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Even before Crew Dragon returns from space, NASA endorses reuse for humans

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Weather permitting, SpaceX’s Crew Dragon spacecraft will splash down in the Gulf of Mexico on Sunday. Forecasters are closely watching conditions due to Hurricane Isaias but are hopeful the mission will find calm seas and light winds offshore from the Florida Panhandle.

Unlike the Apollo missions, which returned to Earth in the Pacific Ocean, NASA and SpaceX chose to target a splashdown near the Florida Peninsula. The main reason they did this is to get crews more quickly back to their homes, near Houston, after a spaceflight.

However, landing Dragon near Florida has another advantage for SpaceX. By splashing down in the Gulf of Mexico or nearshore waters of the Atlantic Ocean, a SpaceX recovery boat can transport the Crew Dragon vehicle back to the company’s facilities at Cape Canaveral Air Force Station within days. This has become all the more important after a recent announcement that NASA will allow SpaceX to begin reusing its Crew Dragon spacecraft early next year.

Although the company’s next human spaceflight, Crew-1, will launch no earlier than late September on a new Falcon 9 rocket and Crew Dragon spacecraft, that will not be the case for the subsequent mission. This Crew-2 flight, due to launch no earlier than spring 2021, will reuse the Falcon 9 first stage from the Crew-1 mission, and the Dragon capsule is expected to splash down this weekend.

Benji Reed, who directs Crew Mission Management at SpaceX, said Thursday that the company has a plan to refurbish a Crew Dragon capsule in a couple of months, which includes removing exterior panels and checking the underlying hardware. This would leave a couple of months of “margin” for processing Crew Dragon for a launch in early 2021. Each vehicle should be able to fly up to five missions into orbit.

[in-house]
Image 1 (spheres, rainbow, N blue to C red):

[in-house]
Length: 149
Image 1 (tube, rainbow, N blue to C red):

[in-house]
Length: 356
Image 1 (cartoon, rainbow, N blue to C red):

Seeking sustainability

The reuse of rockets and spacecraft always seemed like it would be part of SpaceX and NASA’s extended plans for human spaceflights, but few anticipated it happening so quickly. NASA’s original commercial crew contract with SpaceX called for the first six operational missions to each use new Dragons.

However, a contract modification signed in May allowed SpaceX to introduce reuse much more quickly. In exchange for extending the Demo-2 test flight—carrying NASA astronauts Doug Hurley and Bob Behnken—from two weeks to up to 119 days, SpaceX got permission to reuse spacecraft instead of building new ones. This extension allowed Behnken to participate in four spacewalks in recent weeks, swapping out battery packs on the exterior of the orbiting laboratory.

The move toward reuse was supported by NASA Administrator Jim Bridenstine. “From my perspective, what we’re really looking for in all of our missions is sustainability,” he said. For the commercial crew program, NASA set the high-level requirements but then left it up to SpaceX and Boeing to innovate.

“That innovation ultimately drove us to a point where we’re now reusing these rockets reusing the capsules,” Bridenstine said. “With reuse, we can actually drive down costs, and we can increase access.”

The flexibility of Bridenstine, who has embraced commercial partnerships at NASA, allowed SpaceX to push the boundaries of reuse forward. And that’s just where the company wants to be, Reed said, with the “awesomeness” of reuse from an economic and reliability standpoint. “From the get-go, we were expecting to be able to reuse this vehicle,” Reed said. “We had always hoped that we’d be able to reuse it on NASA astronaut missions.”

NASA’s endorsement of reuse should also buttress SpaceX’s efforts to sell private customers on the viability of flying on used Falcon 9 rockets as well as flying inside spacecraft that have gone into orbit before.

Listing image by NASA

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